Linux - NewbieThis Linux forum is for members that are new to Linux.
Just starting out and have a question?
If it is not in the man pages or the how-to's this is the place!
Welcome to LinuxQuestions.org, a friendly and active Linux Community.
You are currently viewing LQ as a guest. By joining our community you will have the ability to post topics, receive our newsletter, use the advanced search, subscribe to threads and access many other special features. Registration is quick, simple and absolutely free. Join our community today!
Note that registered members see fewer ads, and ContentLink is completely disabled once you log in.
If you have any problems with the registration process or your account login, please contact us. If you need to reset your password, click here.
Having a problem logging in? Please visit this page to clear all LQ-related cookies.
Introduction to Linux - A Hands on Guide
This guide was created as an overview of the Linux Operating System, geared toward new users as an exploration tour and getting started guide, with exercises at the end of each chapter.
For more advanced trainees it can be a desktop reference, and a collection of the base knowledge needed to proceed with system and network administration. This book contains many real life examples derived from the author's experience as a Linux system and network administrator, trainer and consultant. They hope these examples will help you to get a better understanding of the Linux system and that you feel encouraged to try out things on your own.
Click Here to receive this Complete Guide absolutely free.
No there is no option to do SQL.
I believe this should be pretty straight with grep, sed and awk?
Any expert's opinion?
Yes, there IS an option to use SQL. If you have the data in a text file, write a quick little program to read it, and import it into a MySQL (or whatever) database/table. Perform your operations on it there. That's the quickest way to do it. You *CAN* stick something together with grep, etc., but for 3GB files, it'll take a good bit of time to work, although the script itself may be simple.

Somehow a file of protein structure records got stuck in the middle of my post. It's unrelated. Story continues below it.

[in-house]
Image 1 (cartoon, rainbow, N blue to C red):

If this is something you have to do every now and then, writing the import routine would be the best option. Plus, you then have more flexibility in what you can look at, and how. If it's SQL, you can hit it with Excel/OpenOffice, get charts/graphs, and do ad-hoc reporting very easily.
Not necessarily. Maybe he does not have administrative rights to install a SQL server (or any other software for that matter). It may not be cost effective for them to install SQL support this single task. There could be any number of reasons why SQL is not an option.
I do agree that pipelining commands will take a long time given that the files are 3GB in size. In that case "efficiency" is really meaningless.
I would suggest writing a custom program for this if runtime, memory usage, etc. is a primary concern.
I don't want to write a standard-utility-using script because I see some potential headaches in implementing it, and I don't like headaches. That said, this simple pipeline should give a starting point for a script. It removes all the lines that are identical--leaving one line per file where there is a difference.
The script then needs to parse the results two lines at a time, identify the signal with the inconsistency, add 1 to a counter for that signal, record the time the inconsistency occurred, and print out the fancy report. Parsing gives me a headache and associative arrays give me a headache
I'd go the SQL route myself, though, for the aforementioned reasons. Even if the OP doesn't have admin rights, an administrator can create one database in MySQL, and grant full access to one user, so the mysql statements can work, even if you're just a 'regular' user, and let them get things done.
I think it's the best way to go, since you could then have lots of flexibility in your reporting and access. Even a Windows user could hit it with the ODBC driver from Excel, and perform their own reports. But, this is up to you to figure out....it has to be what you are comfortable with.